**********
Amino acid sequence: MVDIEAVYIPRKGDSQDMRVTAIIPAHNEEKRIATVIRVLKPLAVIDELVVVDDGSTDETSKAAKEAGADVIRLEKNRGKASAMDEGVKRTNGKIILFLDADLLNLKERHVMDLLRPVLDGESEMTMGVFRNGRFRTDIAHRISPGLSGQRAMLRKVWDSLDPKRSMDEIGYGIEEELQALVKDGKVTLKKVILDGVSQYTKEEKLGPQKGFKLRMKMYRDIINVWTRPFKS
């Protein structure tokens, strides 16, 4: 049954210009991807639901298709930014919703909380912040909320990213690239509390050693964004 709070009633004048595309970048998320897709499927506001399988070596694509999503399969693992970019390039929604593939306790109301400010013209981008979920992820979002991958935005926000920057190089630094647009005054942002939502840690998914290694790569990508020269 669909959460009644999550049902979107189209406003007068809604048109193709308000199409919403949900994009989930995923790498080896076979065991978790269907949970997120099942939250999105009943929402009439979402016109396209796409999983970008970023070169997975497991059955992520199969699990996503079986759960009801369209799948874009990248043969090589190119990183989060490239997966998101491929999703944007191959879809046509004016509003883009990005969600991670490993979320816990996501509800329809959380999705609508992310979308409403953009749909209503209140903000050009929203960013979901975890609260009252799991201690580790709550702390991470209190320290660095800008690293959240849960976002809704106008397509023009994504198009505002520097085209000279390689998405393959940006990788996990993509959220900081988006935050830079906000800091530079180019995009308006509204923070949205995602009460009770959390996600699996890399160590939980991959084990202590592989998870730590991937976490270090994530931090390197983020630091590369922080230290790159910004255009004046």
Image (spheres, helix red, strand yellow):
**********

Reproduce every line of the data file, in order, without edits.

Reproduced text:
Amino acid sequence: MVDIEAVYIPRKGDSQDMRVTAIIPAHNEEKRIATVIRVLKPLAVIDELVVVDDGSTDETSKAAKEAGADVIRLEKNRGKASAMDEGVKRTNGKIILFLDADLLNLKERHVMDLLRPVLDGESEMTMGVFRNGRFRTDIAHRISPGLSGQRAMLRKVWDSLDPKRSMDEIGYGIEEELQALVKDGKVTLKKVILDGVSQYTKEEKLGPQKGFKLRMKMYRDIINVWTRPFKS
């Protein structure tokens, strides 16, 4: 049954210009991807639901298709930014919703909380912040909320990213690239509390050693964004 709070009633004048595309970048998320897709499927506001399988070596694509999503399969693992970019390039929604593939306790109301400010013209981008979920992820979002991958935005926000920057190089630094647009005054942002939502840690998914290694790569990508020269 669909959460009644999550049902979107189209406003007068809604048109193709308000199409919403949900994009989930995923790498080896076979065991978790269907949970997120099942939250999105009943929402009439979402016109396209796409999983970008970023070169997975497991059955992520199969699990996503079986759960009801369209799948874009990248043969090589190119990183989060490239997966998101491929999703944007191959879809046509004016509003883009990005969600991670490993979320816990996501509800329809959380999705609508992310979308409403953009749909209503209140903000050009929203960013979901975890609260009252799991201690580790709550702390991470209190320290660095800008690293959240849960976002809704106008397509023009994504198009505002520097085209000279390689998405393959940006990788996990993509959220900081988006935050830079906000800091530079180019995009308006509204923070949205995602009460009770959390996600699996890399160590939980991959084990202590592989998870730590991937976490270090994530931090390197983020630091590369922080230290790159910004255009004046």
Image (spheres, helix red, strand yellow):